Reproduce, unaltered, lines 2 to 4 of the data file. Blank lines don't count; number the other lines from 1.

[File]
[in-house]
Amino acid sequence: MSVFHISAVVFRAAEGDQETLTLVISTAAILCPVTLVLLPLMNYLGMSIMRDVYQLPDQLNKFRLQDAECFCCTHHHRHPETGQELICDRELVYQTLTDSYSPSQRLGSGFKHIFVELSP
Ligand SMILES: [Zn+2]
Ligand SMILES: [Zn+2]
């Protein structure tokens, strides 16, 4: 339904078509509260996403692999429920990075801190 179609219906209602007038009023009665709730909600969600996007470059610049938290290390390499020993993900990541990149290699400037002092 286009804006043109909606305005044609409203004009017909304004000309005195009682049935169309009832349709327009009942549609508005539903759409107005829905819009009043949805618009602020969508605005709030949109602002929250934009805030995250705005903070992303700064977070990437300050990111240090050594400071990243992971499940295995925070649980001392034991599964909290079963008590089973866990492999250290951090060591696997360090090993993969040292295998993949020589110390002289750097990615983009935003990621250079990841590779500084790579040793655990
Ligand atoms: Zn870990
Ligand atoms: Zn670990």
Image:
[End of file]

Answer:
Amino acid sequence: MSVFHISAVVFRAAEGDQETLTLVISTAAILCPVTLVLLPLMNYLGMSIMRDVYQLPDQLNKFRLQDAECFCCTHHHRHPETGQELICDRELVYQTLTDSYSPSQRLGSGFKHIFVELSP
Ligand SMILES: [Zn+2]
Ligand SMILES: [Zn+2]